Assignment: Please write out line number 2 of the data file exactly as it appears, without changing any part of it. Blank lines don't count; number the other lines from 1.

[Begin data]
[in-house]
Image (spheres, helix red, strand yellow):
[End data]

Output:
Image (spheres, helix red, strand yellow):